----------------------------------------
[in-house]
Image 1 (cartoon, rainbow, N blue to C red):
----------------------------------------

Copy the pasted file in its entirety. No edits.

[in-house]
Image 1 (cartoon, rainbow, N blue to C red):